Do you have a source where you got the equations? Do you know what the limitations are, if any, for accuracy?

This is my own implementation of quaternion differentials. I didn't get it from any web source or anything. I'm a mathematics undergrad, but I was suprised at how long it took me to understand this and get it right. I'm not sure I still completely understand it.

If you notice, I wasted some RAM to maintain consistency between the array position and quaternion dimensions.

As for accuracy, I haven't done any mathematical estimates of the error. Instead, I optimized the output with some Python scripts using LOTS of real flight data. I have a another degree in Ops Research with a specialization in numerical optimization. Its intended to be a 32-bit floating point implementation for maximal accuracy. Its the best I could get it when compared to a 64-bit floating point implementation of the same algorithm updated at every cycle. Honestly, the gyro offset is probably an order of magnitude bigger source of error than this code.

It seems like you could just do the quaternion update for every gyro sample (e.g. 1000 Hz), and then compute the rotation matrix and convert to flight angle and roll at a lower frequency if desired.

I found that updating the quaternions 100 times per second gave the best accuracy. I think this is the case because at 1000Hz the 32-bit pieces get really small and the error builds. Accuracy is preserved by updating the partial rotations at every cycle, but only updating the quaternion at 100 times per second. I haven't done any mathematical error estimates (yet) so I could be wrong, but when compared to my other method I became convinced it was "close enough" and focused attention on other parts of the code.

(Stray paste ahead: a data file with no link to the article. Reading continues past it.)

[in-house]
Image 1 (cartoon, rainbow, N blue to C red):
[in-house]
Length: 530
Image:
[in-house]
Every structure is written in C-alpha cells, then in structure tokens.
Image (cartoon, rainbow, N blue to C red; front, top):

When you said that an Arduino Uno could keep up with doing everything each cycle, was that with the 8-bit Atmega running at 16 MHz and no floating point unit?

Yes on the Uno, but it used another rotation routine called getDCM2DRotn(), which is still in the rotation.ino file. This is the one I wrote the NAR research paper on. I originally ran my code on an 8-bit Uno at 16MHz and quaternions were too slow. I came up that algorithm after studying the Direct Cosine Method over a TON of beers one night. I was surprised it worked, and it took me another month to write the mathematical proof of why it worked. I'm still not totally sure that proof is correct, but its in the NAR paper. The algorithm is very fast on an Uno due to the use of trigonometric small angle approximations and only having a few floating point operations.

Below are a few plots comparing the two methods from one of my flights this past weekend. The error plot compares the two methods against a 64-bit implementation of quaternion differentials updated at every sample, which is assumed to be the most precise as possible. DCM2D tends to lose accuracy the closer it gets to 90 degrees, which is expected since it uses Euler angles which have the gimbal-lock problem at 90 degree rotations. Since I didn't care about any rotations past apogee, the sacrifice was worth the performance, especially on an Uno.